2017 Summer Research Opportunity for Underrepresented Students
CALL FOR APPLICATIONS 2017 i3 Summer Research Program for Underrepresented Students Hosted at the University of Pittsburgh | Open to Students of All Majors Application Deadline: February 17, 2017 www.ischool-inclusion.org
What is i3? The iSchool Inclusion Institute (i3) is an undergraduate research and leadership development program that prepares students from underrepresented populations for graduate study and careers in the information sciences. Only 25 students from across the country are selected each year to become i3 Scholars. Those students undertake a yearlong experience that includes two summer institutes hosted by the University of Pittsburgh School of Information Sciences and a research project spanning the year.
Introductory Institute: June 11-July 7, 2017
Held on the main campus of the University of Pittsburgh
Participate in special-topic workshops that highlight the many specialties and research areas in the information sciences
Take part in professional development seminars led by industry and research experts that focus on graduate school applications, mentoring, résumé building, and networking
Complete two-week modules on research design and programming (beginner and advanced sessions) taught by PhD teaching fellows from top-tier iSchools
Form research teams and work with advisors to design a yearlong research project
Team Research Project i3 Scholars return home and work with team members remotely to complete a yearlong project
Each team is supported by a research advisor
Students gain experience with project management tools and collaborative technology
Interdisciplinary project topics blend social and technical aspects
Concluding Institute: Summer 2018, Two Weeks i3 Scholars return to the main campus of the University of Pittsburgh to complete the program
Develop a research poster and copresent your team’s project
Learn about submitting your project to the iConference and other leading research conferences
Network with the new cohort of i3 Scholars and join the i3 Alumni Association
Program Funding and Benefits
Receive full funding for program expenses, including transportation to and from Pittsburgh, campus housing, and meals
Earn a stipend while you complete the program: $1,200 for the Introductory Institute | $600 for the Concluding Institute
Prepare for the GRE with free training sessions
The iSchool Inclusion Institute (i3) is funded by the Andrew W. Mellon Foundation and is hosted by the University of Pittsburgh’s School of Information Sciences.
i3 Scholars explore the information sciences and graduate school opportunities while networking with professionals from across the country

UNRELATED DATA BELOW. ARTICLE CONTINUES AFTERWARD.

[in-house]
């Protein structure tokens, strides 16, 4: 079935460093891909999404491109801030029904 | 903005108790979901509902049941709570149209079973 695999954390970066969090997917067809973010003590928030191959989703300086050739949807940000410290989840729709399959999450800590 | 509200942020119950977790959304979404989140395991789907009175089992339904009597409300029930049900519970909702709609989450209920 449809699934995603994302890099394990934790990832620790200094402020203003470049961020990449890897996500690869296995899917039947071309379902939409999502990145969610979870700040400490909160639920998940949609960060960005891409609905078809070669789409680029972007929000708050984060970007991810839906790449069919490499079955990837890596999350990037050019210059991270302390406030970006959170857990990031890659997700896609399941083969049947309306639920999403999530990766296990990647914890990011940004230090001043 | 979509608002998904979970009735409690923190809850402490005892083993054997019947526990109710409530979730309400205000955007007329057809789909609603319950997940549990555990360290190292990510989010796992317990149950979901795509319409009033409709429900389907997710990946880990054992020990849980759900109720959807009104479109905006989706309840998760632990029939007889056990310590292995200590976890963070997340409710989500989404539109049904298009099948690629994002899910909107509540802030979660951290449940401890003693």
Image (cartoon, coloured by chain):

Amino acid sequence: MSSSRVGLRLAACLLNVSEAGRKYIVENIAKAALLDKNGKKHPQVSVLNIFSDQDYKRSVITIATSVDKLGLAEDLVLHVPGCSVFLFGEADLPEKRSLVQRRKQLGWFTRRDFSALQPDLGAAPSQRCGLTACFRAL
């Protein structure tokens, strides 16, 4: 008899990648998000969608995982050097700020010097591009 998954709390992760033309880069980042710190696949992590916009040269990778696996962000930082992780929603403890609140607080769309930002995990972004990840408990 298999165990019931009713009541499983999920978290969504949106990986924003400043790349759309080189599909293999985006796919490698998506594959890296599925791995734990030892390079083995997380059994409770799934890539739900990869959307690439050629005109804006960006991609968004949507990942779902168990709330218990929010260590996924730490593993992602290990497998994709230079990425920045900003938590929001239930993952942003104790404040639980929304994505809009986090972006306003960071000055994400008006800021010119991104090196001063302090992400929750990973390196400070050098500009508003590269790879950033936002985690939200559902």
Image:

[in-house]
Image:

The information sciences focus on helping people to discover better information, design and use better technology, and make better decisions to solve problems. Whether those problems are in business, medicine, education, the arts, or any number of other fields, information professionals are able to grapple with the challenges and opportunities of the digital age.
i3 welcomes students from all majors and academic disciplines. The information sciences are incredibly diverse and interdisciplinary. With so many different specializations, students can find a program that meets their interests.
Research Project Publications i3 Scholars work remotely to complete their yearlong research projects under the guidance of an advisor. Once they complete the program, i3 Scholars are encouraged to submit their projects for publication at academic conferences. Over 20 i3 projects have been published at conferences such as iConference, CSCW, and IEEE SeGAH (a sample of past projects is listed below). i3 Scholars receive travel funding to present their work at conferences.
Information Occupation: Using Information Science to Explore the Occupy Wall Street Social Movement
#ReproHealth: A State-Based Investigation of Reproductive Health Rights Policy and Social Media Activity
To Give or Not to Give: How Does Emotion Evoked from Crowdfunding Videos Influence Donations
The Customer Is Always Right: Analyzing Existing Market Feedback to Improve TVs
iGo Green: A Life Cycle Assessment of Apple's iPhone
Entering the Boys' Club: An Analysis of Female Representation in Video Game Culture
Social Network Identity: Facebook, Twitter, and Identity Negotiation Theory
Tweet for Democracy: Examining the Monitorial Citizen
"Our Experiences Are Not Unique": An Exploratory Study of Common Motivators and Inhibitors for Latinas in STEM Fields
Hacked: A Qualitative Analysis of Media Coverage of the Sony Breach